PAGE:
For Books’ Sake Talks to: Rachel B. Glaser
1st Mar 2016
“It’s hard to be your age. There’s maybe too much freedom. Or too much pressure…” one of Fran’s professors says. How do you contrast the simultaneous sense of entitlement and lack of confidence bound up in the university years?
I think when one is approaching the end of something, they feel a sense of accomplishment, but after completing it, they are in a new, vulnerable, unknown place. They have arrived at the last part of their plan. The waters crash upon the rocks! I think art students feel the contrast very deeply. They have studied something that, in some ways, is very irrelevant to the bigger goings on in the world. Of course I don’t see it that way, and you don’t, and the world is made up of millions of sub-worlds, but I imagine a law student or doctor might exit his schooling with a bit more certainty.
In When Harry Met Sally, Harry famously declares, “men and women can’t be friends because the sex part always gets in the way.” Given the love triangle the two central characters get involved in, would you extend that statement to female friendships, too?
I find that the initial thrill of a new friend is pretty similar whether they are a man or woman—someone has piqued my interest, and I want to talk & talk to them. I personally disagree with Harry’s statement and have a lot of great male friendships. I think an aspect of most friendships involves not directly acknowledging any sexual curiosity. Friends leave it undisturbed, to be hinted at occasionally, in jokes or with love. I guess society is loud, even when we think we aren’t listening, because even though I find the sexual tension in my male friendships pretty low on the Richter scale, I find the tension in my women friendships (with women who are bisexual or lesbian) at an even quieter frequency.
Paulina is mostly bravado, and yet we also get glimpses of a more tender side of her – like the security blanket she still carries around. Is she really as tough as she tries to appear, and why does she feel she has to keep up the façade?
I think Paulina is conscious of what vibes she is putting out to the world. Inwardly, she acknowledges weakness, but outwardly she has no interest in sharing that. She’s a factory of emotions. She feels sadness and anger, but is sometimes able to churn it into ambition or power. She is tough because she adapts. She keeps up the façade because she believes we are all part façade, so picks her outer shell with style.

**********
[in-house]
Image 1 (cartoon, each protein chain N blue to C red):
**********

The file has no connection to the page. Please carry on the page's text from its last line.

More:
In one scene, Fran straightens her hair and Paulina doesn’t even recognize her. What is the significance of curly hair in your novel?
Hair plays different roles in different moments. It attracts, repulses, reveals. In the novel, curly hair is extravagant and troublesome. It changes during a party. It exposes vanity, it ruins confidence, it drags along behind, like the past, it dries with age, it distracts from life.
I guess society is loud, even when we think we aren’t listening, because even though I find the sexual tension in my male friendships pretty low on the Richter scale, I find the tension in my women friendships (with women who are bisexual or lesbian) at an even quieter frequency. The Norway trip is such an interesting element of the book – both what actually happens and how it is turned into the stuff of legend afterwards. What did you want to convey about memory and self-construction?
I’m interested in how the mind fixates on what was good in the past and wants it for the future. It’s hard to think about a person you haven’t met yet, so often we long for people we’ve known, and if we haven’t seen these people in months or years, the people can become towering mythical beings. I remember missing my first boyfriend after we broke up, and I would imagine him Godzilla-sized, walking along the horizon, behind the buildings. Whenever I think of any of my past romances, they seem so eventful! But it’s because it’s hard to remember boredom and repetitive days, and the odd moments that weren’t clearly great or terrible. So much of experience is hard to recall, and so many memories have a beautiful Instagram filter on them.
Meanwhile Fran ends up painting houses and writing test questions. How can women pursue their art if it doesn’t pay the rent?
Work a little every day! If you are writing a book and can only work for an hour a day, think about your book while you’re in bed, waiting for sleep. I find that’s a good time to solve narrative problems. If you are an oil painter and can’t afford a studio, go acrylic for a while. If you can’t be in a class or share a studio with a friend, then form a workshop, or email chain. Getting your friends involved can help inspire you, and creating weekly or monthly deadlines get things done.
Your book might be grouped with other satirical novels about female friendship by Emily Gould, Alexandra Kleeman and Emma Jane Unsworth. Is this a particular movement or subgenre? If so, what would you call it?
Those novels are all on my to-read list! The Kleeman is in my suitcase, and the Unsworth is being sent to my house. So, I’m not prepared to name this movement just yet, but I’m glad women are writing such interesting characters, and bending realities, and creating new kinds of sentences.
Which other writers (especially women writers) most inspire you?
My favourites are Joy Williams, Jane Bowles, Ottessa Moshfegh, Miranda July, Paula Fox, and Lore Segal.
Can you give FBS readers a quick preview of your next project?
I’ve been hard at work adapting Paulina & Fran for the big screen, and have also been writing two other screenplays, Pope Jessica (a comedy), and Dead Woman (a drama).
Rachel B. Blaser is the author of the short story collection “Pee On Water” and a poetry collection called “MOODS”. She received a BFA in Painting from RISD, and an MFA in Creative Writing from Umass-Amherst. She tweets @candle_face
Paulina & Fran (Granta) is Glaser’s debut novel. It is available to buy now.